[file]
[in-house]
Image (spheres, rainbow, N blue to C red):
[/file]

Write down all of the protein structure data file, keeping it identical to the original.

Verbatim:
[in-house]
Image (spheres, rainbow, N blue to C red):